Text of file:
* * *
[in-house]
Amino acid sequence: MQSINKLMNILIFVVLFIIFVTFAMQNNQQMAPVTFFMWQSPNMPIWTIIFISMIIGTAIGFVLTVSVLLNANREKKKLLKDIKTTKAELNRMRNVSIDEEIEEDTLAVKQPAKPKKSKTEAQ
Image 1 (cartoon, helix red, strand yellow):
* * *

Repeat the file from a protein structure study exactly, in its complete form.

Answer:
[in-house]
Amino acid sequence: MQSINKLMNILIFVVLFIIFVTFAMQNNQQMAPVTFFMWQSPNMPIWTIIFISMIIGTAIGFVLTVSVLLNANREKKKLLKDIKTTKAELNRMRNVSIDEEIEEDTLAVKQPAKPKKSKTEAQ
Image 1 (cartoon, helix red, strand yellow):